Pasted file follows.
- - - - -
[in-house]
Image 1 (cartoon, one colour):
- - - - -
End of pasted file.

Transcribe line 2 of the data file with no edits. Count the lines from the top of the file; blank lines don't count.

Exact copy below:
Image 1 (cartoon, one colour):